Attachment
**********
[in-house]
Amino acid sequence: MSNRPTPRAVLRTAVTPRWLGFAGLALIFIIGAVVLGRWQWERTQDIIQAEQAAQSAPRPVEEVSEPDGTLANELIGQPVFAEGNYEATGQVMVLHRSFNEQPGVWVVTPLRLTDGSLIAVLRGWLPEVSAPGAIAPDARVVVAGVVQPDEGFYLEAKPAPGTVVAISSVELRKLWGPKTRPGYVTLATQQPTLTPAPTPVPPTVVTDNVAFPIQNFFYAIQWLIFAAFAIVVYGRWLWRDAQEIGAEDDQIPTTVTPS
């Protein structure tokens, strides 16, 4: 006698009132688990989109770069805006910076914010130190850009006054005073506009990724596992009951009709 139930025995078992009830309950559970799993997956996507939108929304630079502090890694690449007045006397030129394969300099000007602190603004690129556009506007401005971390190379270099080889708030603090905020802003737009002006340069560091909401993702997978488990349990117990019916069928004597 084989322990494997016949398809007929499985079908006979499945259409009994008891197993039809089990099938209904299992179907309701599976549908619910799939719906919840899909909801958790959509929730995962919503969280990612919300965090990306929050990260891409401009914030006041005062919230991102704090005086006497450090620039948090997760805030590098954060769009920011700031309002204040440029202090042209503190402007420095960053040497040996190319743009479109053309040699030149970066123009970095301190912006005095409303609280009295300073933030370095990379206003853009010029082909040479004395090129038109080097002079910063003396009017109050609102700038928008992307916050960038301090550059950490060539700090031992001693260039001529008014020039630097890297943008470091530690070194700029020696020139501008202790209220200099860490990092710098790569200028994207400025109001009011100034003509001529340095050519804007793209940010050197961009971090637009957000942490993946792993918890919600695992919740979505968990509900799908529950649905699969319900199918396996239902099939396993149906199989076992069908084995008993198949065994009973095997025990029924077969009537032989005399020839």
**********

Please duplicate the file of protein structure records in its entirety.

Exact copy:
[in-house]
Amino acid sequence: MSNRPTPRAVLRTAVTPRWLGFAGLALIFIIGAVVLGRWQWERTQDIIQAEQAAQSAPRPVEEVSEPDGTLANELIGQPVFAEGNYEATGQVMVLHRSFNEQPGVWVVTPLRLTDGSLIAVLRGWLPEVSAPGAIAPDARVVVAGVVQPDEGFYLEAKPAPGTVVAISSVELRKLWGPKTRPGYVTLATQQPTLTPAPTPVPPTVVTDNVAFPIQNFFYAIQWLIFAAFAIVVYGRWLWRDAQEIGAEDDQIPTTVTPS
């Protein structure tokens, strides 16, 4: 006698009132688990989109770069805006910076914010130190850009006054005073506009990724596992009951009709 139930025995078992009830309950559970799993997956996507939108929304630079502090890694690449007045006397030129394969300099000007602190603004690129556009506007401005971390190379270099080889708030603090905020802003737009002006340069560091909401993702997978488990349990117990019916069928004597 084989322990494997016949398809007929499985079908006979499945259409009994008891197993039809089990099938209904299992179907309701599976549908619910799939719906919840899909909801958790959509929730995962919503969280990612919300965090990306929050990260891409401009914030006041005062919230991102704090005086006497450090620039948090997760805030590098954060769009920011700031309002204040440029202090042209503190402007420095960053040497040996190319743009479109053309040699030149970066123009970095301190912006005095409303609280009295300073933030370095990379206003853009010029082909040479004395090129038109080097002079910063003396009017109050609102700038928008992307916050960038301090550059950490060539700090031992001693260039001529008014020039630097890297943008470091530690070194700029020696020139501008202790209220200099860490990092710098790569200028994207400025109001009011100034003509001529340095050519804007793209940010050197961009971090637009957000942490993946792993918890919600695992919740979505968990509900799908529950649905699969319900199918396996239902099939396993149906199989076992069908084995008993198949065994009973095997025990029924077969009537032989005399020839």